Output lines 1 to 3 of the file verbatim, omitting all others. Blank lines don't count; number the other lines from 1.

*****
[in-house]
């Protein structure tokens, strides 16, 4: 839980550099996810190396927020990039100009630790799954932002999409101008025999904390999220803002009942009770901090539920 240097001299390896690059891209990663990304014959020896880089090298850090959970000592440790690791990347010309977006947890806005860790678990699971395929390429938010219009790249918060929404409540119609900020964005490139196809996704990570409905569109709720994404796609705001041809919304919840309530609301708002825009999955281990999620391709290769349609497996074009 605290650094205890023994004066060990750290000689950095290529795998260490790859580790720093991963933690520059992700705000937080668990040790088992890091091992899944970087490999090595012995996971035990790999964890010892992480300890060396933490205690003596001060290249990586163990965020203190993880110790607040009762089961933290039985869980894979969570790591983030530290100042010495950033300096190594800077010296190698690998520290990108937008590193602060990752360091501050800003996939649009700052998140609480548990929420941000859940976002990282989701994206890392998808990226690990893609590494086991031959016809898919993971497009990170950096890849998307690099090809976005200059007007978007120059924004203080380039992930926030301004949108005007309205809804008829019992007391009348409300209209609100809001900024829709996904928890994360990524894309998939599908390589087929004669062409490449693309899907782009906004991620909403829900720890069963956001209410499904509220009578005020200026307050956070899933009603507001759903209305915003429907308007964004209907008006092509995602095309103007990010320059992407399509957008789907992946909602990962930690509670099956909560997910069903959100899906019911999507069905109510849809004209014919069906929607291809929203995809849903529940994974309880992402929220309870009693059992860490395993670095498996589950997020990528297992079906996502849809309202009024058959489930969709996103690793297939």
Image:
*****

[in-house]
């Protein structure tokens, strides 16, 4: 839980550099996810190396927020990039100009630790799954932002999409101008025999904390999220803002009942009770901090539920 240097001299390896690059891209990663990304014959020896880089090298850090959970000592440790690791990347010309977006947890806005860790678990699971395929390429938010219009790249918060929404409540119609900020964005490139196809996704990570409905569109709720994404796609705001041809919304919840309530609301708002825009999955281990999620391709290769349609497996074009 605290650094205890023994004066060990750290000689950095290529795998260490790859580790720093991963933690520059992700705000937080668990040790088992890091091992899944970087490999090595012995996971035990790999964890010892992480300890060396933490205690003596001060290249990586163990965020203190993880110790607040009762089961933290039985869980894979969570790591983030530290100042010495950033300096190594800077010296190698690998520290990108937008590193602060990752360091501050800003996939649009700052998140609480548990929420941000859940976002990282989701994206890392998808990226690990893609590494086991031959016809898919993971497009990170950096890849998307690099090809976005200059007007978007120059924004203080380039992930926030301004949108005007309205809804008829019992007391009348409300209209609100809001900024829709996904928890994360990524894309998939599908390589087929004669062409490449693309899907782009906004991620909403829900720890069963956001209410499904509220009578005020200026307050956070899933009603507001759903209305915003429907308007964004209907008006092509995602095309103007990010320059992407399509957008789907992946909602990962930690509670099956909560997910069903959100899906019911999507069905109510849809004209014919069906929607291809929203995809849903529940994974309880992402929220309870009693059992860490395993670095498996589950997020990528297992079906996502849809309202009024058959489930969709996103690793297939």
Image: